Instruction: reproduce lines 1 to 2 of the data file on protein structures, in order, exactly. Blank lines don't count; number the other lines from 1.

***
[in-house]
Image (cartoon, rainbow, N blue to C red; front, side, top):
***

[in-house]
Image (cartoon, rainbow, N blue to C red; front, side, top):